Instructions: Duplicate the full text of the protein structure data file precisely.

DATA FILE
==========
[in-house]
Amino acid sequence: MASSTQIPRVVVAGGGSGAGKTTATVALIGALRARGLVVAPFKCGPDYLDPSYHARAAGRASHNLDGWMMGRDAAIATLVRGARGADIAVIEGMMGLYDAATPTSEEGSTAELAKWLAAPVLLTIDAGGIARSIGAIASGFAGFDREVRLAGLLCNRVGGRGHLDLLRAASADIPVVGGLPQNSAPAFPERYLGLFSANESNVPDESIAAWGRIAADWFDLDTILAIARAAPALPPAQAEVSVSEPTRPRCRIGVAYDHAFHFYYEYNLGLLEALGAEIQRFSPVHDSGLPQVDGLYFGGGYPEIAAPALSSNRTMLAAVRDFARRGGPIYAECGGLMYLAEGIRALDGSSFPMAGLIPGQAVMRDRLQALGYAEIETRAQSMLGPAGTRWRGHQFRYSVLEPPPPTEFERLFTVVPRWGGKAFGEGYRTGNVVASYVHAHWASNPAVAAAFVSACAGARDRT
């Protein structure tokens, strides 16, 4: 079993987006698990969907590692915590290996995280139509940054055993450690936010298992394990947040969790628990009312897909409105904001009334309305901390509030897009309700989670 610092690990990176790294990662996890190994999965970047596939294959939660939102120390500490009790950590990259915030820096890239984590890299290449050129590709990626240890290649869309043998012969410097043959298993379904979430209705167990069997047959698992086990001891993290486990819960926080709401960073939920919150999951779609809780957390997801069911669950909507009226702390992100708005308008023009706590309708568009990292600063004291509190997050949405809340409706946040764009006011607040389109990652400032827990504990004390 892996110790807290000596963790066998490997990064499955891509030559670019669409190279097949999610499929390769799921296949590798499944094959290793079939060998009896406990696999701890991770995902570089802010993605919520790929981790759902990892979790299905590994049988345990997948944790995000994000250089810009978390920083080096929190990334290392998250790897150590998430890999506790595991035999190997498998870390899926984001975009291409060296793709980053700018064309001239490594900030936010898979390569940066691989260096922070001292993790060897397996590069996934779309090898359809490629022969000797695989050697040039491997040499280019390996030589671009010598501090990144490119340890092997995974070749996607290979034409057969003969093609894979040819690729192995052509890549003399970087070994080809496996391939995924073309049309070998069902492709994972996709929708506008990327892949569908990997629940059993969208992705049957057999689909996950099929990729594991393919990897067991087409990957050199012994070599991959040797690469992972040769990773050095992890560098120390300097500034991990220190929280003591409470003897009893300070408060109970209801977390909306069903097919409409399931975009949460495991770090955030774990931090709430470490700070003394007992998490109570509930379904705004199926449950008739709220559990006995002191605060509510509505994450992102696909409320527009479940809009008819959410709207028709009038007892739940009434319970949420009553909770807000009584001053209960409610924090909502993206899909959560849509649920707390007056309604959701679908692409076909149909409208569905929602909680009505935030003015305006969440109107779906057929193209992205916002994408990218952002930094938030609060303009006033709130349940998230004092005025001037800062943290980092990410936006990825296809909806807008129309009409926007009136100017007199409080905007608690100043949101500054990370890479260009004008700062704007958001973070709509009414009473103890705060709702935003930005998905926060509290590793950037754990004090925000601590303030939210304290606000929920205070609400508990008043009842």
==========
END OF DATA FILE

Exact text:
[in-house]
Amino acid sequence: MASSTQIPRVVVAGGGSGAGKTTATVALIGALRARGLVVAPFKCGPDYLDPSYHARAAGRASHNLDGWMMGRDAAIATLVRGARGADIAVIEGMMGLYDAATPTSEEGSTAELAKWLAAPVLLTIDAGGIARSIGAIASGFAGFDREVRLAGLLCNRVGGRGHLDLLRAASADIPVVGGLPQNSAPAFPERYLGLFSANESNVPDESIAAWGRIAADWFDLDTILAIARAAPALPPAQAEVSVSEPTRPRCRIGVAYDHAFHFYYEYNLGLLEALGAEIQRFSPVHDSGLPQVDGLYFGGGYPEIAAPALSSNRTMLAAVRDFARRGGPIYAECGGLMYLAEGIRALDGSSFPMAGLIPGQAVMRDRLQALGYAEIETRAQSMLGPAGTRWRGHQFRYSVLEPPPPTEFERLFTVVPRWGGKAFGEGYRTGNVVASYVHAHWASNPAVAAAFVSACAGARDRT
């Protein structure tokens, strides 16, 4: 079993987006698990969907590692915590290996995280139509940054055993450690936010298992394990947040969790628990009312897909409105904001009334309305901390509030897009309700989670 610092690990990176790294990662996890190994999965970047596939294959939660939102120390500490009790950590990259915030820096890239984590890299290449050129590709990626240890290649869309043998012969410097043959298993379904979430209705167990069997047959698992086990001891993290486990819960926080709401960073939920919150999951779609809780957390997801069911669950909507009226702390992100708005308008023009706590309708568009990292600063004291509190997050949405809340409706946040764009006011607040389109990652400032827990504990004390 892996110790807290000596963790066998490997990064499955891509030559670019669409190279097949999610499929390769799921296949590798499944094959290793079939060998009896406990696999701890991770995902570089802010993605919520790929981790759902990892979790299905590994049988345990997948944790995000994000250089810009978390920083080096929190990334290392998250790897150590998430890999506790595991035999190997498998870390899926984001975009291409060296793709980053700018064309001239490594900030936010898979390569940066691989260096922070001292993790060897397996590069996934779309090898359809490629022969000797695989050697040039491997040499280019390996030589671009010598501090990144490119340890092997995974070749996607290979034409057969003969093609894979040819690729192995052509890549003399970087070994080809496996391939995924073309049309070998069902492709994972996709929708506008990327892949569908990997629940059993969208992705049957057999689909996950099929990729594991393919990897067991087409990957050199012994070599991959040797690469992972040769990773050095992890560098120390300097500034991990220190929280003591409470003897009893300070408060109970209801977390909306069903097919409409399931975009949460495991770090955030774990931090709430470490700070003394007992998490109570509930379904705004199926449950008739709220559990006995002191605060509510509505994450992102696909409320527009479940809009008819959410709207028709009038007892739940009434319970949420009553909770807000009584001053209960409610924090909502993206899909959560849509649920707390007056309604959701679908692409076909149909409208569905929602909680009505935030003015305006969440109107779906057929193209992205916002994408990218952002930094938030609060303009006033709130349940998230004092005025001037800062943290980092990410936006990825296809909806807008129309009409926007009136100017007199409080905007608690100043949101500054990370890479260009004008700062704007958001973070709509009414009473103890705060709702935003930005998905926060509290590793950037754990004090925000601590303030939210304290606000929920205070609400508990008043009842």